I also love Streamyard (aff.). I use it every week for business. It has cool features like greenscreen, tickers, and streaming. You can try the free tier — it’s more generous than Zoom’s, but I’ve only ever used the Pro level.
Discord offers a free solution. Set up your own “server” and invite your players.
Discord has a learning curve as well, whereas Zoom and Streamyard need two minutes of instruction and you’re set (computer technical issues aside).
If voice makes sessions 100x faster than text chat, then video offers 10x better experience than voice-only.
Encourage players to turn on their cams. This not only speeds up communication further, but it helps fix some of the encumbrances of online gaming.
Seeing facial expressions and body language lets you read the table. Voice-only, not so much.
People tend to interrupt, talk over, and start talking at the same table a lot in virtual. The slight lag and missing cues we’re accustomed to when in-person messes a bit with our timing.
Seeing everyone helps mitigate this problem. (So does putting the worst interrupters on mute until called upon.)
My main tip here is you do not need to use audio and video packaged with a VTT, which is likely to be poorer than dedicated video conferencing apps.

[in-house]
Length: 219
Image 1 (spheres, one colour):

Also, use video whenever possible to streamline communications.
Key Decision #3: Character Sheets
All my campaigns right now are D&D. So I purchased a D&D Beyond account and the books.
This had made a huge difference.
Not only can I view all the character sheets, but players can manage their characters with health and status tracking, and use the app to quickly level up.
When I GM a non-D&D game I’ll likely ask players to send me a photo of their character sheet.
Some VTTs let you manage characters, as well. Roll20 and Fantasy Grounds support a lot of systems.
To start, though, go simple. Have players make characters as they normally would, and then send you a copy via photo or document.
Key Decision #4: Dice